Sir Lawrence Pattinson, born on 8 October 1890, had military aspirations long before the outbreak of war. Both he and his brother Hugh Lee IV attended Stubbington House School (considered to be a stepping stone into the forces). Hugh Lee IV studied successfully for the Army Entrance to Sandhurst, but Sir Lawrence failed his exams for the Royal Naval College in Dartmouth. As a result, Sir Lawrence went on to study at Rugby and then Cambridge.

photograph-lawrence-pattinson

Photograph of Sir Lawrence Arthur Pattinson

Hugh Lee IV

It wasn’t until the outbreak of World War I that Sir Lawrence was commissioned Second Lieutenant in the 5th Durham Light Infantry as part of the Territorial Army. However, his brother, who was now on the front line in the Army, warned him of the dangers of becoming a soldier. On his brother’s recommendation, Sir Lawrence Pattinson enlisted in the Royal Flying Corpse.

Unfortunately, shortly after warning his brother of the dangers of being a soldier, Hugh Lee IV was killed in action . He was just one of the 908,371 British fighters to die in World War I.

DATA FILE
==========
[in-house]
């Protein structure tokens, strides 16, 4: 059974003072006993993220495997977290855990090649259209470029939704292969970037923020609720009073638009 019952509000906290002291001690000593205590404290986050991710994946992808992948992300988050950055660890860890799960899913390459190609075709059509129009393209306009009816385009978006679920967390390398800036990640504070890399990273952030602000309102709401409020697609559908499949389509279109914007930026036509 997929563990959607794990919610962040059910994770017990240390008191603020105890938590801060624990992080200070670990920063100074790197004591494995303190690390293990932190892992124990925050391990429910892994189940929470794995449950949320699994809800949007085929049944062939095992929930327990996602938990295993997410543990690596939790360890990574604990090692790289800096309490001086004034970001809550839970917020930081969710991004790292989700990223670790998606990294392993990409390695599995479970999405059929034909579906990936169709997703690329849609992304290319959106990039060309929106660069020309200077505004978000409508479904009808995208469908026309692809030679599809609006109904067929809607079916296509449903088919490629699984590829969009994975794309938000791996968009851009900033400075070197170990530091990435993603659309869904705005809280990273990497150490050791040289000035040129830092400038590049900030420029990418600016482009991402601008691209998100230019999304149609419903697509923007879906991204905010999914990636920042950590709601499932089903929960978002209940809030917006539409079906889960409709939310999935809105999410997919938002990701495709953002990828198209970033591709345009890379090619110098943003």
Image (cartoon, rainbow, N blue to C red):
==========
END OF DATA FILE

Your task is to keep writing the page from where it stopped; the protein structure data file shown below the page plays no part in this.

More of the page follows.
Pilots and Tommies

Scarcroft Schools

By the 5th December 1915, Thomas Baker Brown was serving in the ‘Clerks Platoon’ for the 6th Northumberland Fusiliers at a training camp at Scarcroft School, York. As a soldier, or “tommy”, training would begin with basic physical fitness, drill, march discipline and essential field craft. Tommies would later specialise in a role and Brown received training in bombing, signalling and musketry. He suffered from poor eyesight and was issued with glasses. After failing to be transferred to the Royal Flying Corps, Brown was placed into the signalling section and later drafted to France alongside his brother George, as part of the 2/6th Northumberland Fusiliers, 32nd Division.

letter-first-sent-home

First letter sent home from Thomas Baker Brown to his mother following joining the army. The letter describes his trip from Newcastle to a training camp in York, and being put into the ‘Clerks Platoon’. Written from 9th Platoon, ‘C’ Company, 6th Northumberland Fusiliers, Scarcroft Schools, York (TBB/1/1/1/1/1)

Aviator’s Certificates